New York Gov. Andrew Cuomo has requested $40 million in emergency funding be approved by the state legislature for the state’s Department of Health for dealing with a potential coronavirus pandemic.
With federal health officials declaring it’s become a matter of “when, not if,” the virus will spread to the United States, Cuomo is taking steps to ensure that New York is ready to go to battle.
The $40 million appropriation will allow the Department of Health to hire additional staff, procure equipment and any other resources necessary to respond to the potential novel coronavirus pandemic.
The Governor will also propose legislation to grant authority to the Department of Health Commissioner Howard Zucker to ensure local health departments and hospitals throughout the state take certain actions and measures in response to the outbreak.
The Department of Health will convene local health departments and hospitals statewide to review protocols, best practices, and procedures to help ensure they are prepared to combat the spread of the coronavirus.
"As we are seeing the novel coronavirus spread to new countries around the world, in New York we are continuing to take all necessary precautions to protect New Yorkers from this dangerous virus," Cuomo said. "While there are still no confirmed cases of novel coronavirus in New York, these aggressive actions including $40 million in emergency funding will help ensure our healthcare system is equipped with the necessary staff, supplies, and equipment needed to respond to any emergency situation that may arise in the future."
Cuomo noted the Department of Health is working with the MTA, Port Authority and its airport operators, and the authorities' respective workforces to “ensure workers have the necessary training and access to supplies, including cleaning and protective equipment, they need to continue to operate mass transit systems and airports.”
“I have said before that it is highly probable that you will see a continuing spread of this virus. It is highly probable that we will have people in New York State that test positive. New York is the front door internationally. We have people coming here from across the world,” Cuomo said.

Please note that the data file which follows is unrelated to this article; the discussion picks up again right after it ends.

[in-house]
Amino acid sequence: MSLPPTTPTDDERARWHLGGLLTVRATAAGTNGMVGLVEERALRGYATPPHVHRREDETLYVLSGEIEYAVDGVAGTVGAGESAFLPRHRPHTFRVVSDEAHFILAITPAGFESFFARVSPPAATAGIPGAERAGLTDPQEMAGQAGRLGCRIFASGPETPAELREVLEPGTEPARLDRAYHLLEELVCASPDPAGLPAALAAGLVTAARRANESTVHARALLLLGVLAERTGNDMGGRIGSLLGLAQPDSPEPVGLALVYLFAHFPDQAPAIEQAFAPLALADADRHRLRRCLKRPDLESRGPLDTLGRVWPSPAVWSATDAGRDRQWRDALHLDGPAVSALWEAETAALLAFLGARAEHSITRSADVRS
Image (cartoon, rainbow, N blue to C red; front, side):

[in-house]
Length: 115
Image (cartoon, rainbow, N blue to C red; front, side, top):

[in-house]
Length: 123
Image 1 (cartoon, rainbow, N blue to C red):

“We see how it is spreading and affecting different countries - Italy recently - and that will continue. Again, I think it is highly probable and no one should be surprised when we have positive cases in New York.”
As of Wednesday, Feb. 26, according to the World Health Organization, there have been 80,239 confirmed cases of coronavirus around the globe. Of those, 229 were reported in Italy (105 new cases) and 53 (18 new) have been reported in the United States.
Recently, as many as 700 recent travelers who returned to New York after traveling to areas affected by the coronavirus outbreak have entered into a voluntary quarantine, though none displayed symptoms.
Health officials in Westchester are monitoring 26 travelers, while Rockland reported two people are in quarantine. Nearly 100 residents on Long Island have also been isolated voluntarily.
According to health officials, there are seven types of coronaviruses. Most cause respiratory symptoms similar to the common cold, with mild to moderate illness, such as coronaviruses 229E, NL63, OC43 and HKU1. These four types of coronavirus are quite common and not worrisome. Only SARS, MERS and novel coronavirus frequently cause severe illness.
There is currently no vaccine for the coronavirus, though health officials said that “everyday preventative actions can help stop the spread of the virus, including washing hands, avoiding contact with people who are sick and frequently cleaning or disinfecting objects and surfaces.
The WHO risk assessment remains “very high” in China, and “high” globally and regionally.
According to WHO, to help limit the spread of coronavirus:
- Limit human-to-human transmission including reducing secondary infections among close contacts and health care workers, preventing transmission amplification events, and preventing further international spread from China;
- Identify, isolate and care for patients early, including providing optimized care for infected patients;
- Identify and reduce transmission from the animal source;
- Address crucial unknowns regarding clinical severity, the extent of transmission and infection, treatment options, and accelerate the development of diagnostics, therapeutics, and vaccines;
- Communicate critical risk and event information to all communities and counter misinformation;
- Minimize social and economic impact through multisectoral partnerships.
“With the best public health system in the world, New York City stands ready to respond to any confirmed cases of the coronavirus,” Mayor Bill de Blasio said in a statement. “I urge all New Yorkers to remain vigilant, and if you or anyone you know matches the criteria and have recently traveled to the affected areas of China, please see a medical professional.”
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